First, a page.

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How Meaningful are the Medicare Price Negotiations?


Dayen did a deep dive on this at the Prospect and…..might not be so meaningful at all:

The day that the Biden administration revealed the first ten drugs under its Medicare price negotiation process, the companies that own and market those drugs saw their stock prices go up. “Today is a nonevent,” said one industry analyst.

Part of this is because the actual negotiated prices won’t take effect until 2026, too far in the future for Mr. Market to blink an eye. But there’s another factor that has been highlighted: Some of the drugs are going to face generic competition before we ever get to 2026. If that competition is legitimate, those drugs will no longer be eligible for price negotiation. And under the rules of the law, the administration can’t select another drug to get the number back up to ten.

All that means that the ten drugs being negotiated could be whittled down to eight, or six, or even fewer.

To the average senior, it doesn’t matter if their prescription prices go down because of a new generic on the market or because of a government negotiation. And if the program makes it harder for drug companies to avoid competition, that’s certainly positive. But there’s an opportunity cost here. If drugs were already scheduled for competition and they’re put in the negotiation bucket, the result could be fewer drugs with their prices forced downward.

The real problem is that those deciding what drugs to negotiate on are hemmed in by the terms of the law. The Centers for Medicare & Medicaid Services (CMS) cannot select a drug for negotiation until seven years after its launch for small-molecule drugs, and up to 11 years after launch for so-called “biologics.” In the future, this will incentivize higher launch prices, so drug companies can make back their investment early before the government can react. For now, the three-year lag between the negotiation announcement and the prices taking effect makes it difficult to choose the most outrageously priced drugs while making sure that they won’t face generic competition before negotiations are complete.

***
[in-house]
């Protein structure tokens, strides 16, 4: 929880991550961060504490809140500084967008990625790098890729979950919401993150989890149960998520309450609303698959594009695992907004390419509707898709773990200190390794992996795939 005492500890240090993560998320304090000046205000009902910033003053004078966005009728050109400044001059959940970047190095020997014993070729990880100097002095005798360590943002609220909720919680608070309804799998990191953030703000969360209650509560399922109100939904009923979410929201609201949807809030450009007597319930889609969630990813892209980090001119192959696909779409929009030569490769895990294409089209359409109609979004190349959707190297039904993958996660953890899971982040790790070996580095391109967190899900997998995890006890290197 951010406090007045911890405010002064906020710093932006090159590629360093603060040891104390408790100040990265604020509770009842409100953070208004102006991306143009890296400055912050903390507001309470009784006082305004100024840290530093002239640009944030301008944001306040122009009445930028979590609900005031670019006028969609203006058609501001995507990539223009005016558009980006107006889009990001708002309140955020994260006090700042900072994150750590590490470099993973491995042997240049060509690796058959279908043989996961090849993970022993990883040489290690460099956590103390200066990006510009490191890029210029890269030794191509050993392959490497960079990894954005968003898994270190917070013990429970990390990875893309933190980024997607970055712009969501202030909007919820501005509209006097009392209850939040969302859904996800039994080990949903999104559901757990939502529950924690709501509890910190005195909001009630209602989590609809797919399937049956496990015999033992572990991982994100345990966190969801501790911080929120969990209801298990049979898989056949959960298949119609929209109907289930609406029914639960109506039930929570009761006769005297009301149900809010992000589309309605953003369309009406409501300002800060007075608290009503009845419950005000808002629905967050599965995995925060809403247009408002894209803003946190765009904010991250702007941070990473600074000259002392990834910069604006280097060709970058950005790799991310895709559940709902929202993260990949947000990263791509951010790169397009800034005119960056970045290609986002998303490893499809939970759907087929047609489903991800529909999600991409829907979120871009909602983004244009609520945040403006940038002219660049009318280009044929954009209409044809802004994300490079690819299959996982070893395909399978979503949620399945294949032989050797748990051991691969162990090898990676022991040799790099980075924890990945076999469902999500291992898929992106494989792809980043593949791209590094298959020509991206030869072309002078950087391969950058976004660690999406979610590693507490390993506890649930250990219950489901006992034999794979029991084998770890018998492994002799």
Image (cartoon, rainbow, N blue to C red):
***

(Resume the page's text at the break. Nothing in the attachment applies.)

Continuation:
One tactic the drug companies might use is to invite “competition” in name only, for a generic alternative that isn’t heavily marketed or priced aggressively, in order to ward off negotiation. This is where regulation from CMS will really matter. “CMS is being very clear in articulating that they will be critical about ensuring that bona fide marketing is actually taking place,” said Steve Knievel, an advocate with Public Citizen’s Access to Medicines program. CMS won’t “consider it sufficient [just] for a product to have a generic or a biosimilar that has received approval from FDA.”

Stelara, the $119,951-per-year plaque psoriasis drug, presents a good example of the conundrum. There is a “high likelihood” of market entry from a biosimilar competitor in January 2025, before the 2026 rollout of newly negotiated prices. There is also expected to be competition for Xarelto, a blood clot drug, in 2025, and by 2026, 25 different competitors could be making generics for Januvia, a diabetes drug on the negotiation list. Entresto, taken to prevent heart failure, should also have generic competition by then.

I don’t write often about medical care issues because I don’t know much about it, but this doesn’t look super great to me.

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